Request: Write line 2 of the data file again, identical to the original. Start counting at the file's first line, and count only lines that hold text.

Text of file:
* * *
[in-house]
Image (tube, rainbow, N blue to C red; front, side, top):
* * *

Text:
Image (tube, rainbow, N blue to C red; front, side, top):